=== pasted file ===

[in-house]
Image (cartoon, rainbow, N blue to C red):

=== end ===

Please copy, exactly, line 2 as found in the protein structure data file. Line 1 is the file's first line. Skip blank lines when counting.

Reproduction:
Image (cartoon, rainbow, N blue to C red):